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Reconciliation support grows but racism still common: report


Reconciliation might be growing in Australia, but three out of 10 indigenous people say they still suffer racial abuse.

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The State of Reconciliation in Australia report, released today, found the vast majority of people – 86 per cent – believed the relationship between indigenous and other Australians was important.

But it also found a third of Aboriginal and Torres Strait Islander people had been racially abused in the six months before the survey.

Only 30 per cent of the general community socialise with indigenous people, the report also found.

Reconciliation Australia CEO Justin Mohamed says Australia will always be held back until it moves to zero tolerance of racism.

“We know that racism over the last 18 months and through a number of different events has seen the nation that we aren’t proud of,” he told ABC TV.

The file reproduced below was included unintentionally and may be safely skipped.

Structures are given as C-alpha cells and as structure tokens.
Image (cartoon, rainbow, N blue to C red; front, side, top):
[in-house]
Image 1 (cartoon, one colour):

Mohamed cited a number of other matters and “unresolved conversations” impeding reconciliation.

They included constitutional recognition, a sovereignty treaty and discussions about new agreements and arrangements with indigenous communities.

The government’s Closing the Gap policy also needed renewal.

“It hasn’t reached the heights that we want it to reach,” Mohamed said.

Prime Minister Malcolm Turnbull will deliver the annual progress report of Closing the Gap targets tomorrow.

Opposition Leader Bill Shorten said the nation needed to adopt a “partnership of equals”.

It required building trust and cooperation, embedding respect in all parts of society, eliminating racism and valuing the world’s oldest living culture “as part of modern Australian culture”.

“Equal opportunity is not a politically correct term. Equal opportunity is what constitutes reconciliation,” Shorten said.


Source: Reconciliation Australia’s State of Reconciliation report.


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